One day I was sitting at my desk at work, green computer screen glowing, honky-tonk music spurting out from a speaker not far above my head, trying to concentrate on a long list of numbers that needed to be entered into the computer, glancing at pages waiting to be proofread and images to be downloaded, when a word drifted across my consciousness – Feng Shui.
For those who need a bit of a refresher course, feng shui is the ancient Chinese practice of arranging one’s personal space in order to achieve harmony with the environment. This harmony is known as chi, the “life force” or energy that exists in human beings, nature, and all animate and inanimate objects. It is everywhere. There are books and classes and consultants and everything in between to help us stressed-out people calm the flowing water of our psyche. Of course, people like me who jam ten pounds of sugar (daily duties) into a five pound bag (24 hours), rarely have time to read the back of the brownie mix box, let alone sit down and read a book about harmony and the environment.
But I wanted to learn about feng shui so I could bring a little bit of peace to my corner of the office. With indigestion and carpel tunnel threatening every turn, there had to be a way I could tap into my calm center somewhere between 7:30 a.m. and 4:00 p.m. So I called a friend of mine who is into energy and higher levels of vibrations to see if she could give me a crash course on harmony and flowing water. She told me feng shui was not something you can learn overnight; it is a gradual meeting of mind and space, of openness and channeling. Wanting to know more, we scheduled coffee and chi for the next night.
She talked, I talked, we drank coffee and ate chocolate cream pie and I brought out a pen to take notes. But we never really got around to talking about feng shui, because we talked about kids and sushi and Nicholas Cage instead. Still wanting to open my pathways just in case chi came by, later that night I went online and Googled the term, and came across a few guidelines to bring harmony to my cubicle.
When sitting at a desk, the entrance door should be in a clear line of sight, and you should have a view of as much of the room as possible. Well, I struck out before I even got up to the plate. My desk faces the wall — worse, it is a corner unit, so it faces two walls. The only line of sight I have is where the two walls meet. That, and an oversized computer screen. Hopefully everyone else’s clear view of my back is enough of an opening to get the energy flowing.
When lying in bed … well, I stopped reading that suggestion. If I was found lying down at my desk, my chi would not only flow but be flushed down the toilet.
Straight lines and sharp corners are to be avoided, and especially should not point where people tend to sit, stand, or sleep. See interpretation and explanation for point number one.
Avoid clutter. How can anyone who works in an office not have clutter? How can a spiffy multi-tasker like myself give up piles of paper or a dozen catalogs within arm’s reach or stacks of manila flats or thirty CDs with images or weekly bulletins from Human Resources? Oh, and don’t forget the pictures of my kids and my stapler and tape dispenser and staple remover and yellow highlighter and white-out and my pink pen for corrections and stickies for emergency notes. Strike two.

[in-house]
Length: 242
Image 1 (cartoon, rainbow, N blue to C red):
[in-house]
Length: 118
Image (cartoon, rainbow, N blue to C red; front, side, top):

Roads to and from ancient towns were often curved and winding, an attempt to disorient and keep away evil spirits, who were believed to travel in straight lines. Now, I admit I have to maneuver through hallways and around cubicles just to get to my desk, so I wondered — if I circled the halls long enough, would I be able to ditch the bad spirits and run into feng shui? This wasn’t quite a strike, but more like a ball.
Some objects are believed to have the power of redirecting, reflecting, or shifting energy in a space. These include mirrors, crystals, wind chimes, and pools of flowing or standing water. This suggestion is a cousin of the “lying in bed” dilemma. I didn’t think my boss would let me bring in a water fountain, and, although there is enough hot air coming and going around here to tinkle a dozen wind chimes … mmmm, no.
So I sat and pouted in front of my computer, realizing that there was no way I could rearrange my daily grind and surroundings to let the energy flow freely. Feng Shui would have to wait until I got home. I knew that at least there I would be able to rearrange chairs and hang mirrors and listen to the wind chimes that hang on my balcony.
But wait! There was one more point — not really a point, but a closing statement. Every environment is unique with its own energy, challenges, and possibilities. By becoming aware of your surroundings, connecting to its energy, and using the inherent wisdom and inspiration of nature, you can create surroundings that reflect your highest potential and support your personal and professional goals. Let’s dissect that for a moment. I am aware of my surroundings. I can feel the energy that flows through my body, through the pen and onto the paper. I can gaze at the fields of Ireland through my screen saver, I can listen to Mozart while I type, and I can read about astronomy during my breaks. Becoming aware of one’s surroundings is nothing more than living in the here and now, taking what you can and making the most of it.
For all the hoopla, I think I have finally found the secret of feng shui. I finally know how to arrange my space in order to achieve cosmic harmony: keep my kids’ picture in sight, eat lunch outside when the weather is nice, and make sure my M&M dish is always full.